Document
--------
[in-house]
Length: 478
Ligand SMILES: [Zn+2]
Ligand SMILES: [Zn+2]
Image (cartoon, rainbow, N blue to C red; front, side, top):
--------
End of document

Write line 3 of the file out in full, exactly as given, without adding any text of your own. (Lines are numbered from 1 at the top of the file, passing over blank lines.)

Ligand SMILES: [Zn+2]